BOSTON, Sept. 22 (UPI) — A study of U.S., Canadian and European patients with a severe form of Alzheimer’s diseases suggests one’s career may influence the disease, researchers say.
The study — led by Baycrest’s Rotman Research Institute in collaboration with the Memory and Aging Center at the University of California, San Francisco, and several U.S. and European clinical sites — was a multi-center review of brain imaging and occupation data from 588 patients diagnosed with frontotemporal lobar degeneration, or frontotemporal dementia.
Dr. Nathan Spreng, who conducted the study while a psychology graduate student at Baycrest and is now a postdoctoral fellow at Harvard University, says this type of dementia often strikes in middle age and manifests on either the left or the right side of the brain, while Alzheimer’s tends to affect both sides of the brain equally.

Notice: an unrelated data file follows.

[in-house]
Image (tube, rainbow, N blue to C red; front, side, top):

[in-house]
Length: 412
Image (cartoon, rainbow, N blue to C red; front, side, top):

“The disease appeared to attack the side of the brain that was the least used in the patient’s professional life,” Spreng says in a statement.
For example, all jobs need verbal, physical and visuospatial skills, but while a school principal has a higher rating for verbal skill and much lower visuospatial skills and no physical skills, a flight engineer has high rating for visuospatial skills, little verbal skills and some physical skills and a firefighter has need for few verbal and visuospatial skills but high physical skills.
The findings are published in the journal Neuropsychologia.
Copyright 2010 United Press International, Inc. (UPI). Any reproduction, republication, redistribution and/or modification of any UPI content is expressly prohibited without UPI’s prior written consent.